I am not happy to be writing this post. The situation saddens me on several levels, but maybe not the ones you might be expecting.
Disney albeit somewhat tardily stood up against Florida HB 1557 (the “Don’t Say Gay” bill). For a company that is in the business of communicating, they did a terrible job of explaining the motivation (or what should have been the motivation) for their opposition to the bill. So, I will tell you what I believe they should have said:
- Disney has a large and diverse workforce. Quite of few of those workers live and work in Florida and Disney’s plan is to increase those numbers over time. This bill makes it harder for Disney to attract and retain the best and the brightest to their new work locations in Florida and that makes it harder for Disney to be competitive in an exceedingly competitive market.
- Disney strongly believes that diversity is what has made the United States the world’s leading economy. Similarly, Disney’s success is based largely on a diverse and capable workforce.
- If you want Florida to continue to be a dynamic environment that draws world class companies to the state, HB 1557 has to go!
Further, had Disney dealt with this issue in a timely fashion (they had to see it coming ) rather than waiting for its employees to protest its lack of action, it might have been able to finesse the situation rather than apply blunt force in a hurried and, in retrospect, ill-conceived manner.
Governor DeSantis has decided to send Disney a very strong message for taking a stand against HB 1557. He is threatening to revoke a status that enables Disney to operate its theme parks independently of local governments — a situation that has been beneficial to all parties, including the municipalities surrounding Disney and the State of Florida.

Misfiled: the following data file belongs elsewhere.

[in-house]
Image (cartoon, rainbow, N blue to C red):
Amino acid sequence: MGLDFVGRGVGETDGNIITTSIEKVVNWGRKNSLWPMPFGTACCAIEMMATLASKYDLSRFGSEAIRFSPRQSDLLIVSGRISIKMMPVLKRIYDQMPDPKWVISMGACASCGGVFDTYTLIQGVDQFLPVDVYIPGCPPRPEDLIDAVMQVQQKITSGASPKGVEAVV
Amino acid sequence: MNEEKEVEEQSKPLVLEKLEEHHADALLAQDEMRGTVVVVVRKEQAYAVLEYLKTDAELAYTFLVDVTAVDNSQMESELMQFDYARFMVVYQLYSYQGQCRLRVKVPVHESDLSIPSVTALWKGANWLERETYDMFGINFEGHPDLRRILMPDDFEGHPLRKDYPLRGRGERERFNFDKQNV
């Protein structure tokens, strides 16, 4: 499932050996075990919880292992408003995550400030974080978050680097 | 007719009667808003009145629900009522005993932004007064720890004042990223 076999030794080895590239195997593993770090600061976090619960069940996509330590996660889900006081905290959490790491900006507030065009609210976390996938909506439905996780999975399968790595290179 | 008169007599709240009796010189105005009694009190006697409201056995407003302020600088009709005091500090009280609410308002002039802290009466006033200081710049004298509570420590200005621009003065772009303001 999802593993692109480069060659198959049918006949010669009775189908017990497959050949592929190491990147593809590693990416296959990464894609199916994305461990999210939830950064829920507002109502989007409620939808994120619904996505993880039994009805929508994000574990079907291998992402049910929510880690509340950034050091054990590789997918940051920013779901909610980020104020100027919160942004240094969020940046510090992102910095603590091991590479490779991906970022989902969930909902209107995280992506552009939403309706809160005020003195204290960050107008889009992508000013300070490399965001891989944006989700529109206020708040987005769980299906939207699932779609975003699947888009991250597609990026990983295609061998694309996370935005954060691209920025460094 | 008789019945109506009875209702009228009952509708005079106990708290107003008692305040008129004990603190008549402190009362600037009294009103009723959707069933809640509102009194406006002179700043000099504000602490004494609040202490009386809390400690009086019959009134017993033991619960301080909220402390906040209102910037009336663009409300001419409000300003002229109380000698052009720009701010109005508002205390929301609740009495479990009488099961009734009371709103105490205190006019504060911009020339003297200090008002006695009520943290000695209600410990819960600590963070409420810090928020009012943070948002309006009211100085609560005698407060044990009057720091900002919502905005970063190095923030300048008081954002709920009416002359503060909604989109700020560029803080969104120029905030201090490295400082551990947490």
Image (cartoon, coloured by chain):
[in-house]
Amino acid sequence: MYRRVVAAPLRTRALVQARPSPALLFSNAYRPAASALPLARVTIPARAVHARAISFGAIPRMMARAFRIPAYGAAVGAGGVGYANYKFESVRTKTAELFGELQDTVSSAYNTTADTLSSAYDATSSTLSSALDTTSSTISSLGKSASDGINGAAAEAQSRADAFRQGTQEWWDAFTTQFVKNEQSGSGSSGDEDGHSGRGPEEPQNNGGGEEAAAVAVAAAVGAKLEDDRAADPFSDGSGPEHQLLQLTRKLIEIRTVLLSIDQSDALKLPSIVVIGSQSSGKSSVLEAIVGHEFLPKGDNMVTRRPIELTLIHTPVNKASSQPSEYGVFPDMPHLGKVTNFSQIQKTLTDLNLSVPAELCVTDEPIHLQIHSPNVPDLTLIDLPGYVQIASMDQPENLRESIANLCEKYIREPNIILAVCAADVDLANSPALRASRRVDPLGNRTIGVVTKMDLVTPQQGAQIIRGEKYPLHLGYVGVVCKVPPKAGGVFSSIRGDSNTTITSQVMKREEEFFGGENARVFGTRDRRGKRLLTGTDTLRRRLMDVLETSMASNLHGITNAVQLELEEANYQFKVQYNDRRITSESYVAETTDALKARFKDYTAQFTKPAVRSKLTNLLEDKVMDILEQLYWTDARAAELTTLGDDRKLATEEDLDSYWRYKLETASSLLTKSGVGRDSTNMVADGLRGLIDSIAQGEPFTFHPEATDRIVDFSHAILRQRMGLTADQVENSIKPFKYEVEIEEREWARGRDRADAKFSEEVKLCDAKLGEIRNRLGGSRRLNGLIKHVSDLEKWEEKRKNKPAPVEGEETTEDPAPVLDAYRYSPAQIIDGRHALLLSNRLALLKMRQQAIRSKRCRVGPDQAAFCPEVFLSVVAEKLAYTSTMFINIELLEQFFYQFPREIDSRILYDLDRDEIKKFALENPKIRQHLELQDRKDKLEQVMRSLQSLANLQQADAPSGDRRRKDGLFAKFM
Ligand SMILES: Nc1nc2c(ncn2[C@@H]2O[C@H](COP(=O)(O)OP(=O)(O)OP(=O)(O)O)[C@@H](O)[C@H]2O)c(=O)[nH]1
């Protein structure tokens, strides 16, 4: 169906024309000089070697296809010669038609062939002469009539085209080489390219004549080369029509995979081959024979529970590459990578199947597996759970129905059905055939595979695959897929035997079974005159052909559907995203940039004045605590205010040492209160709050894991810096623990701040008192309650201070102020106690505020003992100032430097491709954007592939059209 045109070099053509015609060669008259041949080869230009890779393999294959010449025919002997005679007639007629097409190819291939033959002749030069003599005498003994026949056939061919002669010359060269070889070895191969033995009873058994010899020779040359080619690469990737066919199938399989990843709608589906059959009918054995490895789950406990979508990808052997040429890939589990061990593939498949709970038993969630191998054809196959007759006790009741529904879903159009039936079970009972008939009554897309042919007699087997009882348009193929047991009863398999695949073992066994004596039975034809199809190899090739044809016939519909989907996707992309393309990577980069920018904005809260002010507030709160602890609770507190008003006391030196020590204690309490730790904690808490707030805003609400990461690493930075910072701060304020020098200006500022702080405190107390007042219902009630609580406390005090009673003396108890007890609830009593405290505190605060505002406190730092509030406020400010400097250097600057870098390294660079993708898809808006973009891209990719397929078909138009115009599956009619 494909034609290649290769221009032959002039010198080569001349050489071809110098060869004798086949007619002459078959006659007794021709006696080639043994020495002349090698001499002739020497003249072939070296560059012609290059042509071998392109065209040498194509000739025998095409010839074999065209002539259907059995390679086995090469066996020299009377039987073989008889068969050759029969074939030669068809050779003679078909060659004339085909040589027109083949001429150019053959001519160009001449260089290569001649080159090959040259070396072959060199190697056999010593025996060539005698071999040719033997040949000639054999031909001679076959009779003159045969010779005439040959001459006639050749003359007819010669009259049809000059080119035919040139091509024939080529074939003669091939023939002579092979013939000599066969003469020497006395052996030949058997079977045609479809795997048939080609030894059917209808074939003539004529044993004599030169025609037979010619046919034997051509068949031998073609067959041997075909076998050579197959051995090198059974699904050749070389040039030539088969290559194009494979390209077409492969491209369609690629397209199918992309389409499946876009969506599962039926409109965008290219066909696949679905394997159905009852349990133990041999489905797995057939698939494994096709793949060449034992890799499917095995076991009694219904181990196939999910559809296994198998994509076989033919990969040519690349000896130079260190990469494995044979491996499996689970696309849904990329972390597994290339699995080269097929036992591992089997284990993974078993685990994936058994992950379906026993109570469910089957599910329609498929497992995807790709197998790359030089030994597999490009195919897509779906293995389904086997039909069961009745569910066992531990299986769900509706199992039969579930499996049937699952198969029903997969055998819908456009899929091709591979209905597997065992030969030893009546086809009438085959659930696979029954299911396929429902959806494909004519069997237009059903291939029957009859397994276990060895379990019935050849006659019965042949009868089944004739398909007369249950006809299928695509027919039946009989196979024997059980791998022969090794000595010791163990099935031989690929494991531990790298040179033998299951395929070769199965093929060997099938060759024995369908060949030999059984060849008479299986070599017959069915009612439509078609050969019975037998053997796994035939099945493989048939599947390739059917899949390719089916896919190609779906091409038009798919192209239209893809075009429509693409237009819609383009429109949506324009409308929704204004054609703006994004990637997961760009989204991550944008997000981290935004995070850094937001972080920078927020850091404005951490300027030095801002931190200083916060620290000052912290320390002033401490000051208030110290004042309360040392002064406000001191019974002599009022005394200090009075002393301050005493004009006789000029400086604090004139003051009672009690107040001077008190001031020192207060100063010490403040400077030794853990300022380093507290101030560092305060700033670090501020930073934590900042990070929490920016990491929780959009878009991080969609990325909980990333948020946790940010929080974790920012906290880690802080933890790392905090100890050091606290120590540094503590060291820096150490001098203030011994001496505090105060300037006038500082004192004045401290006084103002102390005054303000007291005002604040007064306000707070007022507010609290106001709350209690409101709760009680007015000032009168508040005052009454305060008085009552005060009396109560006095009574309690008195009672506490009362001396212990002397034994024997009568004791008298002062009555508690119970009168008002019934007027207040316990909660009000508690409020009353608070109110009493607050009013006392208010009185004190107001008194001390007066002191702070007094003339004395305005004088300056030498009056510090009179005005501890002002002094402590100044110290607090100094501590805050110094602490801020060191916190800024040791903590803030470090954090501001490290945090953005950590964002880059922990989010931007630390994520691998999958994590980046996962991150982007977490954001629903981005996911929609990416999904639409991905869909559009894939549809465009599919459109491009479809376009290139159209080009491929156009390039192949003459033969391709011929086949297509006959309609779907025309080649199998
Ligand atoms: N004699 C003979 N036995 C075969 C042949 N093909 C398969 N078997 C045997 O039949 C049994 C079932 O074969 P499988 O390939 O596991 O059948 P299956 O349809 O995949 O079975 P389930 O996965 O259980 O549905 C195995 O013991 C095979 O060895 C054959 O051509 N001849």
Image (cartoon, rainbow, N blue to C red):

He has let his ego get in the way of good decision-making. It is becoming clearer by the day that his decision to revoke Disney’s ability to operate within the authority of the Reedy Creek Improvement Act, if successful, will have short term consequences (i.e., operating costs and debt will need to be assumed by surrounding counties) that will negatively impact the surrounding areas.
His actions will also certainly be noted by other companies that might be considering Florida as a location to do business. They will rightly wonder how stable and predictable the business environment is and likely decide against Florida. Governor DeSantis’ actions are not business friendly and that (as California seems to be now learning) is a really bad idea. Even if Governor DeSantis wins this battle, it almost certainly means he will lose the war.
It truly pains me that I must make these observations and it embarrasses me that this conflict is taking place in the state in which I now reside especially given all of the other more substantial issues that should be taking up both Governor DeSantis’s and Disney’s time.
That said, I am not taking sides here although I am definitely on one of them. I think that each of the parties has a right to their opinion. I am suggesting that if each of the parties had done their jobs, there were several places where this situation could have taken a productive turn and not left us in the predicament we are now clearly in, i.e. this probably never would have happened if both of the parties had thought through their actions, done their jobs and considered the consequences of their actions.
Copyright 2022 Howard Niden
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